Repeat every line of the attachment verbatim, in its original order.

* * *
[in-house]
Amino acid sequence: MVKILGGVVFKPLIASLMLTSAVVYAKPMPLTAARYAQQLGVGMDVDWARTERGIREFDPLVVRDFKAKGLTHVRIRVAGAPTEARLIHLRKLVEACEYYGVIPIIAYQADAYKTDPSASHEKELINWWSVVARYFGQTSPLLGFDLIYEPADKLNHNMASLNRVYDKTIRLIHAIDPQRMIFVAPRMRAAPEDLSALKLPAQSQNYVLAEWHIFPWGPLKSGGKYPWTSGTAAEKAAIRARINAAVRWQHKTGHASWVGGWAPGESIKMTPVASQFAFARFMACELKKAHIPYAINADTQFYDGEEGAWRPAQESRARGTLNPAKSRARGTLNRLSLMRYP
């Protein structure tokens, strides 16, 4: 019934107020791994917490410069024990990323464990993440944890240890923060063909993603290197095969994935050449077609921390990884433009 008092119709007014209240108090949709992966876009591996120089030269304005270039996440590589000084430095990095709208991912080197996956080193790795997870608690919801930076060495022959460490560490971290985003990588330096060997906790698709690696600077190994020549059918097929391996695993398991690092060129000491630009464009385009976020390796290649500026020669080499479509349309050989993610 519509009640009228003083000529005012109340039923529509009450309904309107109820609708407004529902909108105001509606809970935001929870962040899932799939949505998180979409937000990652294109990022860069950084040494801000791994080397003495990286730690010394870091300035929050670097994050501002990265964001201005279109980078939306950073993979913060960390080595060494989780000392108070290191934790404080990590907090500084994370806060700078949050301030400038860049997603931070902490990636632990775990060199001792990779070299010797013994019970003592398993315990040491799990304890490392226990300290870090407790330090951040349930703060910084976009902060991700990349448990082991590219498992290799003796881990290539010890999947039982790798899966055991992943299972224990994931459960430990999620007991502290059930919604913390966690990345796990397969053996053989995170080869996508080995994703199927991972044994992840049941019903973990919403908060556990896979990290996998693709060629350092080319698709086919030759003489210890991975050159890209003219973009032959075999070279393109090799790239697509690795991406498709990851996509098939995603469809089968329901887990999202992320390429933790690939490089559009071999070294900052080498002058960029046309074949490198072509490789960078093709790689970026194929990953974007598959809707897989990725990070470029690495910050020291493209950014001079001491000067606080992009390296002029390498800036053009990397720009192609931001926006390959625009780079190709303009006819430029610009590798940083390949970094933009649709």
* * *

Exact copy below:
[in-house]
Amino acid sequence: MVKILGGVVFKPLIASLMLTSAVVYAKPMPLTAARYAQQLGVGMDVDWARTERGIREFDPLVVRDFKAKGLTHVRIRVAGAPTEARLIHLRKLVEACEYYGVIPIIAYQADAYKTDPSASHEKELINWWSVVARYFGQTSPLLGFDLIYEPADKLNHNMASLNRVYDKTIRLIHAIDPQRMIFVAPRMRAAPEDLSALKLPAQSQNYVLAEWHIFPWGPLKSGGKYPWTSGTAAEKAAIRARINAAVRWQHKTGHASWVGGWAPGESIKMTPVASQFAFARFMACELKKAHIPYAINADTQFYDGEEGAWRPAQESRARGTLNPAKSRARGTLNRLSLMRYP
């Protein structure tokens, strides 16, 4: 019934107020791994917490410069024990990323464990993440944890240890923060063909993603290197095969994935050449077609921390990884433009 008092119709007014209240108090949709992966876009591996120089030269304005270039996440590589000084430095990095709208991912080197996956080193790795997870608690919801930076060495022959460490560490971290985003990588330096060997906790698709690696600077190994020549059918097929391996695993398991690092060129000491630009464009385009976020390796290649500026020669080499479509349309050989993610 519509009640009228003083000529005012109340039923529509009450309904309107109820609708407004529902909108105001509606809970935001929870962040899932799939949505998180979409937000990652294109990022860069950084040494801000791994080397003495990286730690010394870091300035929050670097994050501002990265964001201005279109980078939306950073993979913060960390080595060494989780000392108070290191934790404080990590907090500084994370806060700078949050301030400038860049997603931070902490990636632990775990060199001792990779070299010797013994019970003592398993315990040491799990304890490392226990300290870090407790330090951040349930703060910084976009902060991700990349448990082991590219498992290799003796881990290539010890999947039982790798899966055991992943299972224990994931459960430990999620007991502290059930919604913390966690990345796990397969053996053989995170080869996508080995994703199927991972044994992840049941019903973990919403908060556990896979990290996998693709060629350092080319698709086919030759003489210890991975050159890209003219973009032959075999070279393109090799790239697509690795991406498709990851996509098939995603469809089968329901887990999202992320390429933790690939490089559009071999070294900052080498002058960029046309074949490198072509490789960078093709790689970026194929990953974007598959809707897989990725990070470029690495910050020291493209950014001079001491000067606080992009390296002029390498800036053009990397720009192609931001926006390959625009780079190709303009006819430029610009590798940083390949970094933009649709």